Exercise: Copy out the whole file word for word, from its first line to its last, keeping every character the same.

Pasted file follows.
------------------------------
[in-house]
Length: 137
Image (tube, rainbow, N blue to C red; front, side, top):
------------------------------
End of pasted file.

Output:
[in-house]
Length: 137
Image (tube, rainbow, N blue to C red; front, side, top):